PCO Articles

  1. Understanding Intensified sCMOS Imaging

    Image intensifiers are used to increase the intensity of available light in a system to enable better image reproduction in low light environments. However, the question remains as to if this technology is necessary in light of vast advancements in camera technologies. This white paper investigates the challenges that necessitate the application of image intensification technologies and covers a variety of methods, including the next generation of intensified imaging.

  2. Everything You Always Wanted To Know About sCMOS Cameras – But Were Afraid To Ask

    Everyone has questions that they are too afraid to ask. If this is the case for sCMOS cameras, this eBook by PCO is designed to help answer these questions. Whether it is questions relating to pixel size, camera sensitivity, industry standards, or data transmission, this information is meant to be helpful and fun to read.

  3. Why Is Binning Different In CMOS Image Sensors Compared To CCD Image Sensors?

    “Binning” is defined as the combination of the charge carrier content of two or more pixels of an image sensor to form a new so-called super pixel. This white paper discusses the reasons for the difference of “binning” in CMOS and CCD technologies and how it improves the signal-to-noise ratio.

  4. Why Is A Backside Illuminated Sensor More Sensitive Than A Front Side Illuminated Sensor?

    Backside illuminated image sensors have fewer obstacles in the pathway of the incoming light as it reaches the volume of the pixel, where the conversion to charge carriers takes place. As a result, backside illuminated CMOS image sensors are able to convert more of the light into charge carriers, resulting in larger signals and better images.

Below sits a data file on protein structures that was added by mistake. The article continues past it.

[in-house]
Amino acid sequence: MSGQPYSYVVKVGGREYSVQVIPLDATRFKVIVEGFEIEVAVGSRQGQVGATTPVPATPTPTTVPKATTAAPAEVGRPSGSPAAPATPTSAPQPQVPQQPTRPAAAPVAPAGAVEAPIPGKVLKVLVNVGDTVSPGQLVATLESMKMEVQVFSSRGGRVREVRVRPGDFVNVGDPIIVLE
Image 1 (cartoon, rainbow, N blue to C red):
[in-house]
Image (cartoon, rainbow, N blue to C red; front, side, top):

5. Why Does High-Resolution Inspection Of Food Products Matter?

    The presence of any foreign material in food products could be a disastrous outcome for any company. This white paper discusses the use of high-resolution cameras for food inspection and the benefits that it offers over other types of inspections.

  6. Why Are There Special Interfaces For The Transmission Of Image Data?

    The amount of image data that must be transferred to computers for storage and processing is continuously increasing in all fields of application. The demand for fast, reliable data transfer increases in turn. This white paper discusses the progression of camera interfaces, and how they are continuously improved to enable reliable streaming data transfer from the camera to the computer.

  7. What Is All The Hype About Resolution And Mega Pixels Anyway?

    Resolution, in the context of an image sensor, describes the total number of pixels utilized to create an image. The question is then why does pixel count matter? This white paper discusses the importance of resolution and its relevance in camera systems with image sensors.

  8. What Are All The Discussions About Global Vs. Rolling Shutter?

    The shutter in a camera system enables the control of the exposure time and thus, the level of signal in an image. The shutter also defines the quality of an image if the objects are moving, as well as setting the environment for experiments, especially involving synchronization with illumination light.

  9. Standards Always Sound Impressive, But Is There Any Benefit For Me As An sCMOS Camera User?

    In the case of the standard EMVA1288, a standard for the specification and measurement of machine vision sensors and cameras, there is a significant benefit for an sCMOS camera user. It creates transparency by defining reliable and exact measurement procedures as well as data presentation guidelines and makes the comparison of cameras and image sensors much easier. This white paper explores this standard, its purpose, and its benefits for a sCMOS imager.

  10. Is It True That Cooled Cameras Are More Sensitive Than Non-Cooled Cameras?

    Temperature can have significant impact on noise sources prevalent in cameras, which contributes to the total readout noise of an image sensor. As such, the reduction of temperature through “cooling” of image sensor components or electronic circuits can improve image quality and performance. However, the advantages and disadvantages of cooling reveal that cooled cameras may not necessarily be more sensitive than non-cooled cameras. This paper will examine the underlying effects of cooling in cameras and their sensitivities.